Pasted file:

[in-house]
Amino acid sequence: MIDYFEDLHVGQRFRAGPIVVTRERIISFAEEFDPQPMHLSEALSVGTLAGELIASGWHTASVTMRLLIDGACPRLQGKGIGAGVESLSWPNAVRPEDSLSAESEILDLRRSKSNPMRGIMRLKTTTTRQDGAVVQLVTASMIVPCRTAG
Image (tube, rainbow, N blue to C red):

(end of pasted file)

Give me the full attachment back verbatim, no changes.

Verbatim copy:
[in-house]
Amino acid sequence: MIDYFEDLHVGQRFRAGPIVVTRERIISFAEEFDPQPMHLSEALSVGTLAGELIASGWHTASVTMRLLIDGACPRLQGKGIGAGVESLSWPNAVRPEDSLSAESEILDLRRSKSNPMRGIMRLKTTTTRQDGAVVQLVTASMIVPCRTAG
Image (tube, rainbow, N blue to C red):